Kurt Wilson  photo

Kurt Wilson photo

I woke to muffled voices,

dishes and pans clattering

on the stove in the kitchen, smelled

coffee and bacon cooking, my mother


making breakfast and a lunch

at 3 a.m. for my dad called

to brake a west bound freight for

the Milwaukee Road. A pair


of eggs basted in bacon grease,

homemade bread toasted black,

sliced an inch thick, slathered

in butter and spread with spun


honey my dad also used to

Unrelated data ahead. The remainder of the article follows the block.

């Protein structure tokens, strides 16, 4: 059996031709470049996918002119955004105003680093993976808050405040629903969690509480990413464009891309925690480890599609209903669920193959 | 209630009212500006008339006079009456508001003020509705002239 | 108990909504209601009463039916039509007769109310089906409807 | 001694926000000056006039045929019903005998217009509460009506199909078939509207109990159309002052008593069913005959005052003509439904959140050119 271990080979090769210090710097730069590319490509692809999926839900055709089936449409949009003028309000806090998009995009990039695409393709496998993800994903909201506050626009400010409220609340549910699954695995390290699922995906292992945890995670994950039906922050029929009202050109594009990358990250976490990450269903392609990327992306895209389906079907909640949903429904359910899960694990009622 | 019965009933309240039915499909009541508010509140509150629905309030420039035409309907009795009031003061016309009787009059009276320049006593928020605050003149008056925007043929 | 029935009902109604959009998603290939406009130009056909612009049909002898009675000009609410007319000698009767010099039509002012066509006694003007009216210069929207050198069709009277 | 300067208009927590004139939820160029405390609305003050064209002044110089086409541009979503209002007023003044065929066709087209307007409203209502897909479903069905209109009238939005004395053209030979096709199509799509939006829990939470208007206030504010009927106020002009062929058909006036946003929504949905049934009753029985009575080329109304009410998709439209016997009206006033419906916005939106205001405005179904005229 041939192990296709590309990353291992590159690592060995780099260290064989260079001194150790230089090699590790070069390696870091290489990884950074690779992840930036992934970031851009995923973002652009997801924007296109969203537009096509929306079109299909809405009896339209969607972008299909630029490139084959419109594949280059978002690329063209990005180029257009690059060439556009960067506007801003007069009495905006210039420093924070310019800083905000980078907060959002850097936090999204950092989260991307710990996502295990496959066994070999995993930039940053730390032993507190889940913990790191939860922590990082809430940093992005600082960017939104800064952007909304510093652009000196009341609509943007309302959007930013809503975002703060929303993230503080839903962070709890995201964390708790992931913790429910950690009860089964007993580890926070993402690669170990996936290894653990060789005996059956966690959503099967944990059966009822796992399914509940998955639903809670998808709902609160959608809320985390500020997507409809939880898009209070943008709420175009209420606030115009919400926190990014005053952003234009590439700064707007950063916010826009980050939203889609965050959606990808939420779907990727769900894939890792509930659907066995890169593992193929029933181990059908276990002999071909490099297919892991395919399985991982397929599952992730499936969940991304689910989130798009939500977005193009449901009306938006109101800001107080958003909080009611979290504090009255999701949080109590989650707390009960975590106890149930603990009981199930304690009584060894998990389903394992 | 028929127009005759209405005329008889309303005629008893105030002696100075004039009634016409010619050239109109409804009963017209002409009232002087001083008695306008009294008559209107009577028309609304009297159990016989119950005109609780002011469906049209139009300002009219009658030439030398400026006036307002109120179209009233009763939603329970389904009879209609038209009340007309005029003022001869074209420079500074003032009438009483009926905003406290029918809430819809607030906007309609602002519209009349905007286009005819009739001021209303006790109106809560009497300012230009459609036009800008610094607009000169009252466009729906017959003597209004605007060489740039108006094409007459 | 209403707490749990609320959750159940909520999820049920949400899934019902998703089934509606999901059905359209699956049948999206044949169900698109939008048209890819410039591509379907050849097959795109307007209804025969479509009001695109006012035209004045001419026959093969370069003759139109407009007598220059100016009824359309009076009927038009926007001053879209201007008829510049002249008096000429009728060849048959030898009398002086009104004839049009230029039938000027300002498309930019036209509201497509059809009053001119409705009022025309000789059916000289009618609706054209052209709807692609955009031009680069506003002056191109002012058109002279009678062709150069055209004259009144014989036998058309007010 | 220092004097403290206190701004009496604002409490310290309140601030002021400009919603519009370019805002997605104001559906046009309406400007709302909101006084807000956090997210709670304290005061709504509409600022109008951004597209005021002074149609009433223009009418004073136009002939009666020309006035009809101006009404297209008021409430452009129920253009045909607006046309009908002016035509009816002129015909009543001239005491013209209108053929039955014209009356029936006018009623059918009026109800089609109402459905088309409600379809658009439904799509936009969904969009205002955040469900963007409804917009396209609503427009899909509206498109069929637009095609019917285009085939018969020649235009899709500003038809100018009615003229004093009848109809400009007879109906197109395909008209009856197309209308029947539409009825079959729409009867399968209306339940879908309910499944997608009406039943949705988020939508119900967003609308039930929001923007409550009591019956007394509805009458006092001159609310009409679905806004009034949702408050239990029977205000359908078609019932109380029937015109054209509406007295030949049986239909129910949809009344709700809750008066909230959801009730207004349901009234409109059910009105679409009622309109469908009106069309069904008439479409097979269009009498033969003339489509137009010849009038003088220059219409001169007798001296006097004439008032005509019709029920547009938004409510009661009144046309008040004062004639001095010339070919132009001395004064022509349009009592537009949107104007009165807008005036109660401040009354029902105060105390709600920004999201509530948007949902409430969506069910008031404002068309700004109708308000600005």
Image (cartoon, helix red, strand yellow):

sweeten his coffee boiled

cloudy-thick, strong and bitter

(the darker the better) as


dark as that Drexel siding

on a moonless December

night when his lantern battery

died—it was like being stuck


inside that long tunnel at Taft—

blind as the dead must be.

A teaspoon of honey smoothed

the acrid edges, helped him


swallow and chew like that fifth

of whiskey in the pantry

(now waiting for me) those bottles

stashed in the shed or his grip,


just a nip from a flask or a pull

off a pint put a smile on the face

of wasted days and nights logging

miles in the cold/hot oily hours


to stay afloat, buy food, shoes,

coats and soap, maybe grab at some

time or a shot of hope—a chance

to lick the nectar from the fire.

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